iihttp://inventwithpython.com/pygameABOUT THIS BOOKHello! This book will teach you how to make graphical computer games with the Pygameframework (also called the Pygame library) in the Python programming language. Pygame makesit easy to create programs with 2D graphics. Both Python and the Pygame framework can bedownloaded for free from http://python.org and http://pygame.org. All you need is a computerand this book to begin making your own games.This book is an intermediate programming book. If you are completely new to programming,you can still try to follow along with the source code examples and figure out how programmingworks. However, it might be easier to learn how to program in Python first. ―Invent Your OwnComputer Games with Python‖ is a book that is available completely for free fromhttp://inventwithpython.com. That book teaches programming by making non-graphical, textbased games for complete beginners, and also has a few chapters about using the Pygame library.However, if you already know how to program in Python (or even some other language, sincePython is so easy to pick up) and want to start making games beyond just text, then this is thebook for you. The book starts with a short introduction to how the Pygame library works and thefunctions it provides. Then it provides the complete source code for some actual games andexplains how the code works, so you can understand how actual game programs make use ofPygame.This book features seven different games that are clones of popular games that you’ve probablyalready played. The games are a lot more fun and interactive than the text-based games in ―Inventwith Python‖, but are still fairly short. All of the programs are less than 600 lines long. This ispretty small when you consider that professional games you download or buy in a store can behundreds of thousands of lines long. These games require an entire team of programmers andartists working with each other for months or years to make.The website for this book is http://inventwithpython.com/pygame. All the programs and filesmentioned in this book can be downloaded for free from this website, including this book itself.Programming is a great creative activity, so please share this book as widely as possible. TheCreative Commons license that this book is released under gives you the right to copy andduplicate this book as much as you want (as long as you don’t charge money for it).If you ever have questions about how these programs work, feel free to email me [email protected] questions to the author: [email protected]

About This BookiiiTABLE OF CONTENTSWho is this book for? . iAbout This Book . iiChapter 1 – Installing Python and Pygame . 1What You Should Know Before You Begin . 1Downloading and Installing Python . 1Windows Instructions . 1Mac OS X Instructions. 2Ubuntu and Linux Instructions . 2Starting Python. 2Installing Pygame. 3How to Use This Book. 4The Featured Programs . 4Downloading Graphics and Sound Files . 4Line Numbers and Spaces . 4Text Wrapping in This Book . 5Checking Your Code Online . 6More Info Links on http://invpy.com . 6Chapter 2 – Pygame Basics. 7GUI vs. CLI . 7Source Code for Hello World with Pygame . 7Setting Up a Pygame Program . 8Game Loops and Game States . 10pygame.event.Event Objects . 11The QUIT Event and pygame.quit() Function . 12Pixel Coordinates . 13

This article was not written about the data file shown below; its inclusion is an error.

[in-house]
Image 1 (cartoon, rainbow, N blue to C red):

iv http://inventwithpython.com/pygameA Reminder About Functions, Methods, Constructor Functions, and Functions in Modules (andthe Difference Between Them) . 14Surface Objects and The Window . 15Colors . 16Transparent Colors . 17pygame.Color Objects. 18Rect Objects . 18Primitive Drawing Functions . 20pygame.PixelArray Objects. 23The pygame.display.update() Function . 24Animation . 24Frames Per Second and pygame.time.Clock Objects . 27Drawing Images with pygame.image.load() and blit() . 28Fonts. 28Anti-Aliasing. 30Playing Sounds. 31Summary . 32Chapter 3 – Memory Puzzle . 33How to Play Memory Puzzle . 33Nested for Loops . 33Source Code of Memory Puzzle . 34Credits and Imports . 42Magic Numbers are Bad . 42Sanity Checks with assert Statements. 43Telling If a Number is Even or Odd . 44Crash Early and Crash Often! . 44Making the Source Code Look Pretty . 45Using Constant Variables Instead of Strings . 46Making Sure We Have Enough Icons . 47Tuples vs. Lists, Immutable vs. Mutable . 47Email questions to the author: [email protected]

About This BookvOne Item Tuples Need a Trailing Comma . 48Converting Between Lists and Tuples . 49The global statement, and Why Global Variables are Evil. 49Data Structures and 2D Lists . 51The ―Start Game‖ Animation. 52The Game Loop . 52The Event Handling Loop . 53Checking Which Box The Mouse Cursor is Over . 54Handling the First Clicked Box . 55Handling a Mismatched Pair of Icons . 56Handling If the Player Won .